Reversing the Statistics on Worker Fatalities
By JOHN CORRIVEAU
The 2007 U.S. Bureau of Labor Statistics show, once again, that fatal falls are on the increase. Since the initial release of OSHA 1926.500 Fall Protection Guidelines for the Construction Industry in 1998, fatal falls have increased every year except 2003.
New Standards Pave The Way For Improved Safety
Ten years later we haven’t made any progress. The number of OSHA citations for fall protection violations and their related fines are consistently among the top three and continue to increase from year to year. Fines for fall protection violations in 2008 reached as high as $877,000.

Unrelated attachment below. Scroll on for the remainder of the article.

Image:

Hopefully this will change with the release of the new ANSI Z359.1 standards that took effect in November of 2007. This standard provides the guidelines and tools to develop a complete fall protection program and increase worker safety by mandating the introduction of new snap hooks and a new style of Y-lanyards. An entire family of new of standards is now available for under $400, through the American Society of Safety Engineers (ASSE) with membership. Visit www.asse.org for more information.
Another family of standards dealing with horizontal lifelines; engineered systems; leading edge, self-retracting lifelines and more, is slated for completion in early 2009. This next family of standards will also help educate workers with regard to the dangers of “at-foot-level” anchorages and the equipment required for those exposures. Even though we now have stronger gates on our snap hooks, which help reduce burst-out, we can still have roll-out with an auto-locking carabiner.
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